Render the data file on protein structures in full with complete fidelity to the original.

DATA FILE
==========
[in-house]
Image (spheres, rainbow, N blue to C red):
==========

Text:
[in-house]
Image (spheres, rainbow, N blue to C red):